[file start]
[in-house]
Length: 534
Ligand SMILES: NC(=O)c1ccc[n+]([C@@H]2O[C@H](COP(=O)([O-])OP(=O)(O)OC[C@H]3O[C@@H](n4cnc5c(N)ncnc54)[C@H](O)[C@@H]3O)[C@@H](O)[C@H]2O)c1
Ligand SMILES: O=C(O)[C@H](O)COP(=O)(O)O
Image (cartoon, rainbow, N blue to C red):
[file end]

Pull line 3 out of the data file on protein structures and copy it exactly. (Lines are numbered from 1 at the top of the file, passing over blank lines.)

Ligand SMILES: NC(=O)c1ccc[n+]([C@@H]2O[C@H](COP(=O)([O-])OP(=O)(O)OC[C@H]3O[C@@H](n4cnc5c(N)ncnc54)[C@H](O)[C@@H]3O)[C@@H](O)[C@H]2O)c1